Further evaluation of linker incorporation has indicated that relatively short linkers can be used to advantage, to replace nucleotides resident in the polynucleotide strands, e.g. to replace nucleotides in the bulge of TAR. In particular, a Tar conjugate was produced in which the bulge 5'--U--C--U--3' was replaced by the structure 5'--U--Lc --Lc --3', to yield structure 8 (Kd=0.51 nM, Tm=60° C.)) shown below (which includes bases 19-27 of SEQ ID NO:4: ##STR6## where LcLc is --O--(CH2)3 --O--PO2 13 O--(CH2)3 --O--.

Tat-binding analysis of the resulting structure has shown that replacement of nucleotides within the bulge preserved the tat-binding structure of TAR. Thus, in certain instances, linkers equivalent in length to C3 can be used, particularly within the so-called bulge structures which form at non-annealed sites of duplex structures.

Moreover, studies with a short un-linked duplex (oligomer 6+7, nucleotides 1-12 and 19-27, respectively, of SEQ ID NO:4) of same length have shown that this duplex has a significant lower Tm (32° C.) when compared to its linked counterparts (56°-63° C.), and it also failed to form any effective complexes with Tat-derived peptide, probably due to its thermal instability. This provides strong evidence that synthetic linkers add substantial stability to the un-linked duplex structures to a such degree that their normal biological functions, such as binding to proteins, can be maintained.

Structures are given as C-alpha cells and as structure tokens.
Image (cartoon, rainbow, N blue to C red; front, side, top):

In another experiment, there was successfully generated a particular Tar analog where the linker was incorporated at the bottom of of the duplex (oligomer 9, below, which includes SEQ ID NO:2). ##STR7## Both Tm measurements (Tm =61° C.) and binding assays (Kd =2.20 nM) indicated that this analog also retains the physical and binding properties of the wild-type Tar structure.